Uber Taxi vs. Traditional Taxis
As we’ve already discussed, the taxi vehicles Uber operates aren’t much different from your iconic yellow cabs. Both ride-hailing services use licensed taxis that are driven by professional drivers and charged based on a metered rate.
In a sense, this makes Uber Taxi a direct affront to taxi companies. As younger generations continue to choose mobile apps for their convenience, instead of flagging down or calling taxis, Uber’s copycat services make traditional taxis almost unnecessary. Plus, Uber offers taxi drivers the chance to escape taxi companies, which charge them massive fees. Uber instead pays a smaller 25% fee to Uber’s independent contractors.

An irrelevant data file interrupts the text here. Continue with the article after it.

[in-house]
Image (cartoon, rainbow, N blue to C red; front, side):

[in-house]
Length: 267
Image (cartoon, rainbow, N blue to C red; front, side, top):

Uber Taxi also one-ups traditional taxis when it comes to payment methods. While most taxi drivers have already started accepting credit cards and debit cards, Uber has a far better reputation as a universally cashless service with options to pay with Venmo, PayPal, and Google Pay. Frequent Uber riders also receive plenty of Uber promo codes and Uber Rewards benefits that easily steer them away from traditional taxi companies.
Plus, when every Uber driver has passed a background check and can be verified based on a license plate number you can view in-app, the safety of licensed taxi drivers is only enhanced.
How to Become a Taxi Driver for Uber